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St Francis and the Origins of the Presepio

Updated: Feb 13, 2020

St Francis and the First Presepio, Giotto

In December 1223, while St Francis was staying with some of his Franciscan brothers outside the town of Greccio, he felt moved by a desire to celebrate the approaching Christmas mass by replicating the scene of poverty and humility in which Jesus had been born. He enlisted the help of his brothers and a noble supporter of the Franciscans, Giovanni Villeta. In a nearby grotto, Villeta set a manger filled with straw and a table above to celebrate mass and brought ox and donkey to the cave. The stage was set. Friar John Speyer remembered that first Persepio sixteen years later in 1239 : “The hay in the manger was prepared, the ox and the ass were arranged around the manger, and the vigil celebration began with joy. A great multitude of people stream together … the night was filled with an unaccustomed joy and made luminous by candles and torches.” Giovanni Villeta said that St. Francis was so overcome with emotion at the sight, he picked up the carved image of the baby in the manger and the child “came alive” and smiled at St. Francis. This “Miracle of Greccio” is depicted in Giotto’s fresco cyle in the Basilica of St. Francesco in Assisi. What is certainly true were the words of Friar John, ” And so, a new ritual … is celebrated.”

The Feast of the Seven Fishes Or La Vigilia. We’ve never heard an authoritative answer as to why seven fishes but it is an entrenched Christmas Eve tradition. It takes awhile to settle on which seven fishes are one’s own favorites for this feast, but we have some excellent wine suggestions from Chain Bridge Cellars for various dishes. To begin the meal, (a marinated salad with crab, octopus and calamari at our house) Pra Soave Classico 2010. Moving on to the clams and muscles followed by pasta with red sauce (with lobster and shrimp), La Mondianese Grignolino. Finally for the main course (Bronzino, risotto and winter squash, broccolini) Taburno Falanghina. As for dessert, poached pears and a little Vin Santo and everyone’s ready for “a long winter’s nap.”

The Befana and the Feast of the Epiphany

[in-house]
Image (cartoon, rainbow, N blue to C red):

The Feast of the Epiphany marks the end of holidays. The day is celebrated in many cities with a Procession of the Magi from the town hall to the Duomo . But that comes after the visit from the The Befana, a witch like character who delivers treats to children during the night on the eve of the Feast of the Epiphany. As with most legends, there are many variations of this story and this is one of them: Long ago an old woman spent her days cleaning her home – dusting, polishing, sweeping from chimney to floor. One evening in the middle of her toil, there was a knock at her door. Broom still in hand, she opened the door and was startled to see three richly clad strangers. They told her they were following a star in search of a newborn king and asked if she knew where the child might be. The Befana was bewildered and said she knew nothing of such a child. The three gentleman asked her to join them in their search but the old woman declined saying she had too much housework to do, closed the door and resumed her endless sweeping. The three men regretfully left her and continued their journey. Not long after dismissing them, the Befana grew troubled. She couldn’t stop thinking about the three exotic strangers and the child they were seeking. Suddenly her housework seemed meaningless – especially as providence seemed to have chosen her, alone in her humble home, for such a invitation. What a fool she had been not to have seen that! Now she saw that she had made her own life so trivial by spending all of her days obsessively cleaning and scrubbing that she had missed the everything – even when the miraculous knocked at her very door. Maybe it wasn’t too late to find the three wise men, go with them and give her own gifts if they found the baby. Desperately, she gathered the most valuable objects she had to give to the child, tied them in a satchel, and ran out the door. She searched and searched through the night but she never found the Magi. Alone, she searches still and because her foolishness kept her from finding the baby they were seeking, she gives gifts to good children the night before the Feast of the Magi.

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